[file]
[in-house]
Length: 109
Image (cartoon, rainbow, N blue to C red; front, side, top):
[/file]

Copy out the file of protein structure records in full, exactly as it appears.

[in-house]
Length: 109
Image (cartoon, rainbow, N blue to C red; front, side, top):